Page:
Our Opinion: 2020
Will China’s virus outbreak damage the economy?
The rally in Asian stock prices since December came to a halt on 20th January over mounting investor fears that the pneumonia outbreak in Wuhan, China, might turn into a larger epidemic and stunt consumption, travel and tourism-related sectors.The death toll from the coronavirus climbed to at least 80 as the country extended the Lunar New Year holiday in an effort to contain an infection whose spread accelerated around the globe.
The outbreak could pose significant downside risks to Asia’s short-tern economic recovery prospects. The beginning of this year should have marked the turnaround point for GDP and corporate earnings growth in Asia. But the outbreak will take time to contain, which may have a drag on discretionary spending.
However, a strong rebound is likely to follow any dip in economic growth – as was the case during the SARS epidemic in 2003. The economic fallout will probably be less in magnitude than in 2003 when SARS spread across the region, due to the lower mortality rate observed so far. However, the current outbreak may get worse before it gets better and could produce substantial, though temporary, drops in domestic spending. Even in the case of SARS, which lasted eight months, the economic impact was only felt for one quarter. Demand should also recover soon after there is a peak in the number of cases and well before the authorities announce the outbreak is over.
The SARS virus became an international emergency after the Lunar New Year in 2003, even though it had really started in late 2002. China’s GDP growth slowed sharply from over 12% to 3.5%. The impact was particularly harsh on retail sales growth, whilst transport and hospitality sectors also suffered. China’s industrial production, fixed-asset investment and the property sector escaped relatively unscathed.
When outbreaks turn into epidemics, the general pattern is to stop discretionary spending on tourism and dining. Hence, retail sales and visitor arrivals may see steep plunges across the region. Trade, however, tends to be less affected, so the rebound in Asian trade growth driven by tech and the end of tariff hikes should proceed in the background.
Meanwhile, in Hong Kong, private consumption swung negative for four consecutive quarters during the SARS period, with retail sales and visitor arrivals down most in the second quarter of 2003.
In the 2015 case of MERS in South Korea, retail sales and visitors also suffered; real growth halved for a quarter, but stayed positive. The recoveries in both cases were rapid and helped by an upturn in global economic activity.
Asia has seen numerous outbreaks of viruses, with the most serious being SARS in 2002–03, then MERS and several rounds of bird flu. In each case, the key to watch has been how quickly the authorities stop the origination and contain the spread. There are reasons to believe the situation could be better than the market anticipates. Communication is more transparent, healthcare systems are more developed, and individuals and governments are taking more proactive measures.
During the SARS outbreak, Asian equities declined by 12% between late January and late April 2003. It is worth highlighting that sentiment was already depressed during that period due to geopolitical tensions. Cyclicals (e.g., materials, financials and IT) suffered the most, while the healthcare sector and other defensive sectors were relatively more resilient. North Asian markets were heavily affected during this period; Taiwan and Korea led the sell-off, declining by 15%–16%. In contrast, Southeast Asian markets (except for Singapore) were relatively more resilient and outperformed the region by around 9ppt. Subsequently, Asian equities rebounded by 29% in the three months following early signs of containment in late April 2003.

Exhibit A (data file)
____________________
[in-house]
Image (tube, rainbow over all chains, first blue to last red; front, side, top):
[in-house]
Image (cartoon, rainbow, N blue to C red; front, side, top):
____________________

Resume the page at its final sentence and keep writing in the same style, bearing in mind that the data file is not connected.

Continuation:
The impact of the Wuhan virus on Hong Kong’s economy and stock market remains to be seen. The obvious difference between SARS and the Wuhan outbreak is that SARS originated from neighbouring Guangdong province, which led to the disease spreading rather severely to Hong Kong. During the SARS correction, property, consumer and gaming stocks saw the largest declines while utilities outperformed. The tourism and consumer-driven sectors will again see the greatest underperformance if the Wuhan pneumonia out-break becomes more severe in Hong Kong.
In China, sectors such as airlines, airports, hotels, leisure and physical retailers tend to benefit from the Lunar New Year due to seasonality, but the situation this year the situation is likely to have been different, as locals choose to stay home because of the Wuhan virus. The healthcare and internet industries, including e-commerce, online video, mobile games and the broader virtual economy, might get an uplift from greater demand from consumers.
So long as the Wuhan pneumonia is contained, it shouldn’t have a lasting impact on the stock market, and there is much to be cautiously optimistic about in China for 2020. The recently-signed US-China Phase 1 trade deal clears the trade-related uncertainty and should support sentiment.
At its current stage, the Wuhan pneumonia will have a limited impact on Japan’s equity market. The TOPIX benchmark didn’t move much on the news of the outbreak. But if it lasts for longer than six months, it might deter visitors during the Tokyo Olympic Games (which start July 2020) and therefore hurt earnings and share prices in the tourism sector. Chinese visitors accounted for 30% of overall visitors to Japan in 2019, the largest of all groups.
When it comes to investing, disease outbreaks, terrorist attacks, and even wars, can largely be placed in the same category: they are disruptive, they are tragic, they have a potentially significant human cost, but they are in the short term usually localised and frequently priced in rapidly.
27th January 2020